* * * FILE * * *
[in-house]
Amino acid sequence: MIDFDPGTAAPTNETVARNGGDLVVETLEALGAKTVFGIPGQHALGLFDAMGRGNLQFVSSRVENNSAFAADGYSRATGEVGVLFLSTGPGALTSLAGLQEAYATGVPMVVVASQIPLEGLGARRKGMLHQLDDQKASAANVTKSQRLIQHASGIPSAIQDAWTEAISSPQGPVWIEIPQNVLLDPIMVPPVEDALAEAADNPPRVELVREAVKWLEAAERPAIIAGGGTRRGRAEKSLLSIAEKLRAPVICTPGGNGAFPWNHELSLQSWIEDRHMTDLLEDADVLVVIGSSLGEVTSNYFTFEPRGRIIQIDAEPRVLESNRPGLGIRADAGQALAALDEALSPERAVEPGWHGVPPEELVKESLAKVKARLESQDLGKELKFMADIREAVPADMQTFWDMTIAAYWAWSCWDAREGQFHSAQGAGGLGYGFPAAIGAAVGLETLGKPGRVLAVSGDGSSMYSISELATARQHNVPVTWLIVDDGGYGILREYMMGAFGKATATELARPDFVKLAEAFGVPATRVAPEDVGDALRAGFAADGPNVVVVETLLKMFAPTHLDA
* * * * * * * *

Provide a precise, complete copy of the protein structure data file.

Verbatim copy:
[in-house]
Amino acid sequence: MIDFDPGTAAPTNETVARNGGDLVVETLEALGAKTVFGIPGQHALGLFDAMGRGNLQFVSSRVENNSAFAADGYSRATGEVGVLFLSTGPGALTSLAGLQEAYATGVPMVVVASQIPLEGLGARRKGMLHQLDDQKASAANVTKSQRLIQHASGIPSAIQDAWTEAISSPQGPVWIEIPQNVLLDPIMVPPVEDALAEAADNPPRVELVREAVKWLEAAERPAIIAGGGTRRGRAEKSLLSIAEKLRAPVICTPGGNGAFPWNHELSLQSWIEDRHMTDLLEDADVLVVIGSSLGEVTSNYFTFEPRGRIIQIDAEPRVLESNRPGLGIRADAGQALAALDEALSPERAVEPGWHGVPPEELVKESLAKVKARLESQDLGKELKFMADIREAVPADMQTFWDMTIAAYWAWSCWDAREGQFHSAQGAGGLGYGFPAAIGAAVGLETLGKPGRVLAVSGDGSSMYSISELATARQHNVPVTWLIVDDGGYGILREYMMGAFGKATATELARPDFVKLAEAFGVPATRVAPEDVGDALRAGFAADGPNVVVVETLLKMFAPTHLDA